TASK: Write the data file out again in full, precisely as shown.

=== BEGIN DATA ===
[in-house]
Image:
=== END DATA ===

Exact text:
[in-house]
Image: